THE HOUSE containing on the GROUND FLOOR: - Entrance Hall, Drawing and Dining Rooms, School Room, Pantry, Larder, Kitchen, Scullery, Dairy and Cellar. FIRST FLOOR: - Five Bedrooms, Bath Room and W. C. OUTBUILDINGS: - Timber and Iron Shed and two Earth Closets.

The Buildings

Comprise: - Cow Houses, with tying for 47 Cows, Milk Cooling House, Barn, partly converted into Stable for six Cart Horses, Chaff and Gear House (stone and tiled), Barn, Engine House and Pump House, Granary, Harness Room, Two Loose Boxes, Piggeries, Trap House, Poultry House, Six Bay Cart and Implement Shed, Lean-to Old Barn, Open Shed, converted into Five Loose Boxes and Poultry House, Timber and Iron Seven-bay Shed, Detached Timber and Iron Garage.

Held, with other lands, by Mr. Charles Ibbott with the exception of [Ordnance Survey Map] Numbers 157 and 166, which are let to Mr. Edward Newell, with other lands, on Yearly Michaelmas tenancies.

The land comprised 44.978 acres of pasture in Oakley and 18.719 acres of pasture in Bromham, 41.158 acres of arable in Oakley and the house, gardens and homestead took up 1.651 acres.

The Rating and Valuation Act 1925 specified that every building and piece of land in the country was to be assessed to determine its rateable value. Oakley, like most of the county, was assessed in 1927 and the valuer visiting College Farm [DV1/H8/24] found it owned and occupied by Walter Molesworth Peacock, he had presumably purchased it in 1918. At that time the farm comprised 190 acres but, the valuer noted, “Land being sold off”. He also noted: “I know it by heart”. He described the house as containing three reception rooms, a kitchen, scullery and larder, a dairy and a cellar with five bedrooms upstairs, a bathroom, a boxroom and a W. C. Outside lay a privy, an ashpit and oil store and coal barns. Water came from a force pump in the scullery and was a mixture of well and rain water.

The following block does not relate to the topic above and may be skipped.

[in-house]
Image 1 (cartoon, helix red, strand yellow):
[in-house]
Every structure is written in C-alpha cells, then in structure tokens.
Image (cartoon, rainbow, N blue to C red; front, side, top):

He described the farm buildings as follows:

  • Back yard: a dove house and a seven bay open hovel;
  • Alongside the river: a two bay open hovel and yard; a two bay wagon hovel; pig boxes and a yard;
  • Left rickyard: a five bay implement hovel;
  • Right of the entrance from the road: three chicken houses and various chicken runs behind the house, the buildings being of mixed construction;
  •  Homestead: four calf pens; three loose boxes (converted open hovels); two loose boxes (used  for hay); a mixing barn and hay and straw store; a six horse stable and harness room; an open hovel with space at the back; cow places for twenty, seven and two beasts; a cooling room; a loose box and another four bay open hovel;
  • Island site: a harness room; two nag stables; a mixing room and three pig boxes;
  • In the road opposite the house: a double trap house; a double implement store; a combined carpenter’s shop and garage; a meal store; a nag stable and another trap house;
  • Round buildings [presumably meaning around the other buildings listed]: a six bay wagon hovel; a pig box; a grinding barn; an engine house and a force pump room.

In accordance with the valuer’s statement that land was being sold off, Bedfordshire and Luton Archives and Records Service has a conveyance of 1926 in which Walter Peacock sold eight acres to the trustees of the Lovell Almshouses for £1,075 [X880/3/2A]. In 1934 he conveyed a further two and a half acres to the trustees for £377 [X880/3/3/2].

Directories for Bedfordshire, which were not published annually but every few years, give the names of the tenants of College Farm from 1898 until 1940 and the following names are taken from these directories. The dates are the dates the name first and last appears not the dates of residence:

  • Charles Ibbott: 1898-1914;
  • Walter Molesworth Peacock: 1920-1928;
  • Herbert W. Saunders: 1931-1940.

College Farm is not listed in a directory before 1898, however, a Church Farm is listed from 1871 to 1894 and it seems a reasonable guess that the two are the same, the name changing between 1894 and 1898. Names from earlier directories for Church Farm are as follows:

  • George Hine: 1871-1877;
  • John Saunders: 1885;
  • John Clark Sanders: 1890-1894.